Poor cement column

In this case, the cement column no longer acts as an effective seal between the high-permeability formation and the top of cement. The pressure gradient in the cement across the low-permeability interval will then be equal to the cement mixwater gradient. The pressure at the top of cement is therefore determined by drawing a pressure line with this gradient upwards from the pressure at the top of the high-permeability formation. As a result, the annulus pressure line will be shifted to lower pressures in low-pressure reservoirs and to higher pressures in high-pressure reservoirs. This leads to an annulus level drop or an annulus pressure build-up.

General cement column

No matter whether the cement column is good or bad, the cement pore-pressure profile below the high-permeability formation is given by a line of slope equal to the cement mixwater gradient extending downwards from the pressure at the bottom of the high-permeability formation to the casing shoe.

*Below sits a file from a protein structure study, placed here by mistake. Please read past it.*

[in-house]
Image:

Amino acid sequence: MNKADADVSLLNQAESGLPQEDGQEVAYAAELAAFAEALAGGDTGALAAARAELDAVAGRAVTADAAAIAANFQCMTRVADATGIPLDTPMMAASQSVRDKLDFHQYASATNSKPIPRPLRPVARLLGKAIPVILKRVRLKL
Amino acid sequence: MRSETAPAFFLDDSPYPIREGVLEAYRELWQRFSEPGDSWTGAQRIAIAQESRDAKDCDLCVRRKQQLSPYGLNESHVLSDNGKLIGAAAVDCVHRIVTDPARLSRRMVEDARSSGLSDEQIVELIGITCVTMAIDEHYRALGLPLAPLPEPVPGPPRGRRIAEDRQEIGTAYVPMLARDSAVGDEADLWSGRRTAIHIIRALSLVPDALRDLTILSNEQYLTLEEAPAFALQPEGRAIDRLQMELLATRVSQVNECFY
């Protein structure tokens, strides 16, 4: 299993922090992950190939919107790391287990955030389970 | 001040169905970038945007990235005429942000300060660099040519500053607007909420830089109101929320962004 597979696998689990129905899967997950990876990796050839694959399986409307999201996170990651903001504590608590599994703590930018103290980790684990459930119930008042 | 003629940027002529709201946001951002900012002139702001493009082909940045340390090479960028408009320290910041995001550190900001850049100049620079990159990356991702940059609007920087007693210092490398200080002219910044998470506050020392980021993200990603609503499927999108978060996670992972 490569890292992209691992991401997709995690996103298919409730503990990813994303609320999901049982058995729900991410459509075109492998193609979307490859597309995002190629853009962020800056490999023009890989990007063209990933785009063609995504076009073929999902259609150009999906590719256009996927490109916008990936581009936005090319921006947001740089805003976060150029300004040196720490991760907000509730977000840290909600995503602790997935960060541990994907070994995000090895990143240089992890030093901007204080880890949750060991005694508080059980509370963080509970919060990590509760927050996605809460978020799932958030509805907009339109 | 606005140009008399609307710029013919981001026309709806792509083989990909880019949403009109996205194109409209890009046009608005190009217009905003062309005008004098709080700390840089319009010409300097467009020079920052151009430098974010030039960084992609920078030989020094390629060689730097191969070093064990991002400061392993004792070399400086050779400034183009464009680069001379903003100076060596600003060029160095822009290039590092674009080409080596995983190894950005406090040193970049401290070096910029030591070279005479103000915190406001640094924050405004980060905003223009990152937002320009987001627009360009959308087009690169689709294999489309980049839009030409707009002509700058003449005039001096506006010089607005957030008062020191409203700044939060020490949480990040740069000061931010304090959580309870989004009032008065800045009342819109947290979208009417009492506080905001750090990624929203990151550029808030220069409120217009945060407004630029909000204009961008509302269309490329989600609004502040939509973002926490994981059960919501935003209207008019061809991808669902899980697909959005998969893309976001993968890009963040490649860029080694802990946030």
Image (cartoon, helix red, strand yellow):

For the determination of the cement pore-pressure profile in the cement column opposite a previous casing, this previous casing should be treated as a low-permeability formation.

In the event that the cement column does not pass through a high-permeability formation anywhere, the cement mixwater gradient may be assumed to extend downwards from the top of cement to the casing shoe, no matter whether the quality of the cement is high or low. The pressure at the top of cement will be equal to the hydrostatic pressure of the annulus fluid.

1.2.2. Annulus fluid column

In view of the relatively short duration of the drilling phase, deterioration of the annulus fluid during drilling should not be taken into account, either for exploration or for development wells. The pressure gradient in the annulus fluid will therefore be determined by the density of the fluid used at the time of the cement job.